Explaining Divorce To A Child

Mar 27, 2014
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On the list of Bad Life Milestones, “Explaining divorce to a child” appears right at the top.

Getting a divorce is never easy. Which is why you should always consult a divorce lawyer in the city of Newmarket, or wherever you live for help. It becomes a lot harder when there are children involved. The hardest aspect might just be finally sitting down with your children to explain what is happening. You have to explain it so that they do not feel any blame for the situation, and can find a way to look forward to the change. Explaining divorce to a child is never easy, but it must be done.

Be A Team

While you have your differences, you still have at least one thing in common: the love you have for your children. If you want to make sure that you are doing what is right for them, you have to be a team.

Sit down together with your children. This will show them that you are still a united front when it comes to parenting and you both still love them more than ever.

Consider Their Age

Before you can decide exactly what to say to your children, you have to consider their age. By having an age appropriate conversation, you will be much more likely to get a good response from your children.

For example, if your child is 5 years old, he will probably accept any information you give him. However, a 12 year old knows a little more about how the world works and might want a more detailed explanation. While you want to be honest, you do not want to be too descriptive.

No matter the age of the children, it is important to make sure that you are never putting the other parent in a bad light. Never blame or bad mouth the other parent. You will only cause more confusion, resentment, and sadness than is necessary.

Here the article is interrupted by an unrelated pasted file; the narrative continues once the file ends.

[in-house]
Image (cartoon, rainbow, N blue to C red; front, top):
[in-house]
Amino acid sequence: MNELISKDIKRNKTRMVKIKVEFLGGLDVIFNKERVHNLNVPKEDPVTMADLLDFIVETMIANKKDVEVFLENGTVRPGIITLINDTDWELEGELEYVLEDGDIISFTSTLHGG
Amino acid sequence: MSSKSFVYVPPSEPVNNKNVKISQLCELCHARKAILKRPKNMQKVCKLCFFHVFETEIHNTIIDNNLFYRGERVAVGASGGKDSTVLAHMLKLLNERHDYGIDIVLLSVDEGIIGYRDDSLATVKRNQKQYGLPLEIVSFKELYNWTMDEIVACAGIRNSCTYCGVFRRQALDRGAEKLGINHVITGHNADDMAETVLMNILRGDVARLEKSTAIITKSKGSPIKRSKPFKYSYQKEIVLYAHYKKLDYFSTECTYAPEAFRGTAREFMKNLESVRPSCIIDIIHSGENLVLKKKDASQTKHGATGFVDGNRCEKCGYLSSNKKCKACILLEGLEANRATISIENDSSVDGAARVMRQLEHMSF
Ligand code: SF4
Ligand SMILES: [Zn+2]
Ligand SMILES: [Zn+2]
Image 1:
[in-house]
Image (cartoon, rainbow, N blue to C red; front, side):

Some Things You Might Say

It is important to make sure that you hear what you are going to say before you sit down with your children to have this talk. If you are having trouble figuring out where to begin, try reading over the following points.

• “Your dad and I have found that we are not as much in love as we were when we got married. So we thought it was best that we live in different homes.”

• “You need to remember that this does not change how much we both love you and will be there for you.”

• “We want to make sure that we are giving our family the best chance at happiness.”

• “Things may appear different, but our love for you does not change.”

• “We will all get through this together.”

• “We are still going to be your mom and dad, but we just will not be married to each other anymore.”

Alter them to make them your own, if you want. Just make sure that you are staying positive and that you are focusing on how the change affects or does not affect the child.

It is important to remember that you may need to discuss this a few times with small children. Instead of sitting down for an hour-long conversation, you might have a couple of ten-minute talks. This allows the child time to process all of the information and adjust to the coming changes.

In addition, no matter the age of the child, it is important to have this conversation at least two weeks before anyone moves out. This way, the children have time to adjust. Having this conversation and then finding that dad already moved his stuff out can be too much of a shock to the system.

About Brian Galbraith

Brian Galbraith is the owner and founder of Galbraith Family Law Professional Corporation. Brian is known in the legal community for his commitment to efficiently practicing family law using technology and streamlining the divorce processes.